Home Government Tech Policy US restricts use of Kaspersky products by govt agencies

US restricts use of Kaspersky products by govt agencies

The US government has removed Kaspersky Lab from a list of approved software suppliers for two government-wide purchasing contracts that are used to buy technology services.

Politico reported that the decision came amid fears that the Kaspersky products could be used for spying by Russia.

It quoted a General Services Administration spokeswoman as saying: "GSA’s priorities are to ensure the integrity and security of US government systems and networks and evaluate products and services available on our contracts using supply chain risk management processes.”

Asked for a reaction, the Australian arm of Kaspersky Lab directed iTWire to a statement that read, in part: ""Kaspersky Lab has no ties to any government, and the company has never helped, nor will help, any government in the world with its cyber-espionage efforts. The company has a 20-year history in the IT security industry of always abiding by the highest ethical business practices and trustworthy development of technologies, and Kaspersky Lab believes it is completely unacceptable that the company is being unjustly accused without any hard evidence to back up these false allegations."

Earlier, the ABC News reported that a final decision could be made in coming days, even as Bloomberg reported that emails it had obtained showed that Kaspersky Lab had developed products for the Russian intelligence service FSB and also accompanied its agents on raids.

The company's owner, Eugene Kaspersky, reacted to the Bloomberg report saying: "Regardless of how the facts are misconstrued to fit in with a hypothetical, false theory, Kaspersky Lab, and its executives, do not have inappropriate ties with any government. The company does regularly work with governments and law enforcement agencies around the world with the sole purpose of fighting cyber crime."

If the US government removes Kaspersky Lab from the General Service Administration's list of vendors who can supply government agencies, it is likely to affect only future contracts.

Bloomberg claimed the emails, dating from 2009, were a thread between Eugene and senior staff, with the owner outlining, in Russian, a secret project that had been carried out a year earlier "per a big request on the Lubyanka side", a reference that was said to refer to the FSB offices.

This software was said to protect clients from DDoS attacks, but had a wider scope, the report claimed. There would also be co-operation with ISPs to locate bad actors and block their attacks, while assisting with “active countermeasures”, something that Eugene reportedly told his staff to keep secret.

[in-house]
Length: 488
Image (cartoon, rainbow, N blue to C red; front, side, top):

It quoted the email as saying: "The project includes both technology to protect against attacks (filters) as well as interaction with the hosters (‘spreading’ of sacrifice) and active countermeasures (about which, we keep quiet) and so on.”

Kaspersky Lab has been under pressure in the US, with the FBI having questioned some of its employees recently in connection with a counter-intelligence probe.

Eugene has offered to provide the source code of his company's products for examination by the US government to put to rest claims that it contains any malicious elements to spy on customers.

LEARN HOW TO REDUCE YOUR RISK OF A CYBER ATTACK

Australia is a cyber espionage hot spot.

As we automate, script and move to the cloud, more and more businesses are reliant on infrastructure that has the high potential to be exposed to risk.

It only takes one awry email to expose an accounts’ payable process, and for cyber attackers to cost a business thousands of dollars.

In the free white paper ‘6 Steps to Improve your Business Cyber Security’ you’ll learn some simple steps you should be taking to prevent devastating and malicious cyber attacks from destroying your business.

Cyber security can no longer be ignored, in this white paper you’ll learn:

· How does business security get breached?
· What can it cost to get it wrong?
· 6 actionable tips

DOWNLOAD NOW!

RECOVERING FROM RANSOMWARE

Ransomware is a type of malware that blocks access to your files and systems until you pay a ransom.

The first example of ransomware happened on September 5, 2013, when Cryptolocker was unleashed.

It quickly affected many systems with hackers requiring users to pay money for the decryption keys.

Find out how one company used backup and cloud storage software to protect their company’s PCs and recovered all of their systems after a ransomware strike.

DOWNLOAD THE REPORT!

Sam Varghese

website statistics

A professional journalist with decades of experience, Sam for nine years used DOS and then Windows, which led him to start experimenting with GNU/Linux in 1998. Since then he has written widely about the use of both free and open source software, and the people behind the code. His personal blog is titled Irregular Expression.

 

Popular News

 

Telecommunications